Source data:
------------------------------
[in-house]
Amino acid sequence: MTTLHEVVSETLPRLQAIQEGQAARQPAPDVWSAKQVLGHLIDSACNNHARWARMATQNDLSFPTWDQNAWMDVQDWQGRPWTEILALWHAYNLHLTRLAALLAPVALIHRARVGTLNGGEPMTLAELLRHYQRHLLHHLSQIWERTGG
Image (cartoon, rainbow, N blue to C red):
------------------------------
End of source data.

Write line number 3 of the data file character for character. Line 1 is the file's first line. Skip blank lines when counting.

Image (cartoon, rainbow, N blue to C red):